As consumers increasingly seek out local food producers who utilise high quality, ethical and sustainable production methods, the ACCC has responded by increasing its focus on companies in the food production and manufacturing industry.

Several cases in 2014 found that companies had misrepresented the origins of their products, the types of products used and the methods of farming.

Further demonstrating their focus, in February the ACCC launched its 2014 Compliance and Enforcement Policy.

As part of that Policy, the ACCC announced that one of its areas of priority would be “credence claims, particularly those with the potential to adversely impact the competitive process and small businesses.”

This article looks at some of the highest profile cases from 2014 and sets out some lessons that can be learnt form the year that was.

Origin of products

There are three recent cases involving ACCC action for misleading conduct in relation to the origin of products.

In August 2014, Maggie Beer Products Pty Ltd gave a court enforceable undertaking acknowledging that certain place of origin representations on the labelling of “Maggie Beer” products was likely to mislead consumers. The labelling on certain items in the Maggie Beer Products range contained the words: “A Barossa Food Tradition” in close proximity to “Made in Australia” and “Maggie Beer Products: ... Tanunda, South Australia”.  The ACCC considered that the effect of these statements was to convey the impression that the products were manufactured in the Barossa Valley and/or South Australia when in fact the products were manufactured elsewhere in Australia.

In June 2014, Basfoods (Aust) Pty Ltd received hefty penalties totalling $30,600 and gave a court enforceable undertaking, after receiving infringement notices from the ACCC in respect of its “Victoria Honey” product. The ACCC considered that labelling the product “Victoria Honey” misrepresented the product as being produced in Victoria, when in fact it was made in Turkey. Product labelling and representations on the website also implied that “Victoria Honey” was made by honey bees when in fact it was mainly comprised of plant sugars.

Finally, in December 2014, Hume Import & Export (Australia) Pty Ltd also received a penalty of $10,200 for including the word “honey” and a map of Australia on its “Hi Honey” product. The ACCC considered that this represented the product was honey made in Australia when in fact the product was largely made up of plant sugars and made in Turkey. 

Lessons learned:

  1. There is danger in representing that products are made in one part of Australia when in fact they are made elsewhere. This is particularly risky if, in making the representation, the producer is seeking to benefit from the reputation of a certain region or by implying that the products are produced locally.
  2. Even if the ingredients and/or the country or place of origin of a product is included in fine print, product names, marketing information and slogans can still amount to misleading and deceptive conduct if the representations send a message which is contrary to the true origin of the product.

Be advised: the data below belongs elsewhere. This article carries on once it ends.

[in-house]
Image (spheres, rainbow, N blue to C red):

3. The ACCC is cracking down on identifying a synthetic product by a name that implies it is a natural product. Honey is a current focus but other products may also be targeted.

Premium animal products and “free-range” claims

In June 2014, Barossa Farm Produce Pty Ltd gave a court enforceable undertaking in respect of misleading and deceptive representations made about its “The Black-Pig” smallgoods range.  The representations were that The Black Pig smallgoods range was made from heritage Berkshire pigs or other heritage black pig breeds (which are premium products) and/or free range pigs, when this was not the case. Barossa Farm Produce acknowledged that it did not have adequate systems in place to verify the breed or type of pig used in The Black Pig smallgoods.

In September 2014, the Federal Court of Australia ordered Pirovic Enterprises Pty Ltd, an Australian egg producer, to pay $300,000 after the Court found Pirovic had engaged in misleading and deceptive conduct by marketing its eggs as “free range”. The Court made this finding despite Pirovic’s labelling practices having been compliance tested by the Australian Egg Corporation and the free range egg farms in question having a “Level A” accreditation for free range egg production under the Egg Corporation Assured National Egg Quality Assurance Program Trade Mark Certification Scheme. The Court found that the eggs were not farmed in such a way that the hens could and did in fact move about freely on an open range on most days.

Lessons learned:

  1. Animal welfare is a hot topic in food marketing. Consumers are generally willing to pay more for ethically raised meat, therefore any representations that animals are raised ethically are likely to be closely scrutinised by the ACCC.
  2. Industry body certifications and standards may not be sufficient to render a product “free range” or “ethical” and the court will look behind these to the actual living conditions of the animals.
  3. Producers should be aware that any representations regarding the breed or type of animal should be backed up by systems to ensure that other types of animal are not used in making the product.
 
* This article was originally published in SmartCompany (smartcompany.com.au)
 

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